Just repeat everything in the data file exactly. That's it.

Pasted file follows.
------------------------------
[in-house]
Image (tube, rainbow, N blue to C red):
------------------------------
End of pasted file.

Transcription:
[in-house]
Image (tube, rainbow, N blue to C red):